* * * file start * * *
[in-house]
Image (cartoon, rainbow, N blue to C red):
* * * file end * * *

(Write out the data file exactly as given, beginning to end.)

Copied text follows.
[in-house]
Image (cartoon, rainbow, N blue to C red):